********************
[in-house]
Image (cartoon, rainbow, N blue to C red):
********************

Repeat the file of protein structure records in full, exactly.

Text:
[in-house]
Image (cartoon, rainbow, N blue to C red):